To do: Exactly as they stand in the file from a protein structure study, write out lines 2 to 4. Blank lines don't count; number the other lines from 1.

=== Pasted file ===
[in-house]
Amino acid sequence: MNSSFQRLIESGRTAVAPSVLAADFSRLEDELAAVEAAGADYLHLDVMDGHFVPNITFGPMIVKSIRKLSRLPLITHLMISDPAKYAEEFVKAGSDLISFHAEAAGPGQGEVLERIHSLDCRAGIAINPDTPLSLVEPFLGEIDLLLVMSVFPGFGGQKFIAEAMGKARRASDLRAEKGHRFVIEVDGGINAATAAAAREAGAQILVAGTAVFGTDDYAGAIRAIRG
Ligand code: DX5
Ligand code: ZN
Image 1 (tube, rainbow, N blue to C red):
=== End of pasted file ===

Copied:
Amino acid sequence: MNSSFQRLIESGRTAVAPSVLAADFSRLEDELAAVEAAGADYLHLDVMDGHFVPNITFGPMIVKSIRKLSRLPLITHLMISDPAKYAEEFVKAGSDLISFHAEAAGPGQGEVLERIHSLDCRAGIAINPDTPLSLVEPFLGEIDLLLVMSVFPGFGGQKFIAEAMGKARRASDLRAEKGHRFVIEVDGGINAATAAAAREAGAQILVAGTAVFGTDDYAGAIRAIRG
Ligand code: DX5
Ligand code: ZN